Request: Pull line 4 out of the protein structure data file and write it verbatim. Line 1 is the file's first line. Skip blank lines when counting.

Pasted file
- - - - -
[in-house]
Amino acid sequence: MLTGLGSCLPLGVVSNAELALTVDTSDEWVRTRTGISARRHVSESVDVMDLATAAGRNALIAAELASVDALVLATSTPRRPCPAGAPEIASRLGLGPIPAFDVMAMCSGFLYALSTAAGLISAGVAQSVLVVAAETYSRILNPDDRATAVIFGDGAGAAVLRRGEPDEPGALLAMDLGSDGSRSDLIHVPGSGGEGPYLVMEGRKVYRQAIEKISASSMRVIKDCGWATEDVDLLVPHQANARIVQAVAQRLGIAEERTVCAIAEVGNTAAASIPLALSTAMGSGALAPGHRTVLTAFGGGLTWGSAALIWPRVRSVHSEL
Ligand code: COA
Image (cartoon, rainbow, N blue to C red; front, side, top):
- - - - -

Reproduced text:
Image (cartoon, rainbow, N blue to C red; front, side, top):